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ISS VISIBILITY



Space station visible in sky

      By Steven Siceloff
      FLORIDA TODAY

      CAPE CANAVERAL, Fla. - Want to have a nighttime look at the orbiting
      International Space Station, where astronauts and Russian cosmonauts
      will live and work during the next few years? 

      Simply log onto the Internet, type in your zip code, and the computer 
will tell
      you when the station will pass over your home. 

      Said Patrick Meyer, who designed the Internet program, "It will be easy 
to
      use -- for everyone." 

      Once you find the location of the station, your adventure will begin, 
and
      you'll probably be surprised by what you see. 

      "The space station is fairly bright right now," Meyer said from his 
office at
      Marshall Spaceflight Center in Hunstville, Ala. "It's almost as bright 
as
      Polaris, the North Star."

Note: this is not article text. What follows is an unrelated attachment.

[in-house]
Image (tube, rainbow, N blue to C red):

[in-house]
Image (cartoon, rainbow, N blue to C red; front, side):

And as more pieces are added to the station, particularly the massive
      solar panels, it will become even brighter. 

      The station will be the easiest to spot after it is completed between 
2005
      and 2007. 

      By then, it will be 300 feet long, weigh 1 million pounds and rival the
      shining planet Venus as the brightest object in the nighttime sky. 

      But, as Meyer said, the station is bright and visible even now, as it is
      taking shape. 

      The two pieces in orbit are the Russian-built Zarya and the U.S.-built 
Unity.

      A third part, Russia's Zvezda Service Module, is to arrive at the 
station late
      Tuesday night and will be used for living quarters and power to keep the
      space outpost in a safe orbit about 240 miles above Earth. 

      One thing: Don't expect to view the station for a long time. 

      The longest the station will be over your home will be about 10 minutes,
      Meyer said. 

      Also, don't expect to make out the station's shape: All you will see is 
a
      bright, darting object. 

      But getting a quick glimpse of the largest multination engineering 
project
      ever undertaken will be worth it. You'll see space history in the 
making. 

      For more information on tracking the station, go to
      www.liftoff.msfc.nasa.gov. 
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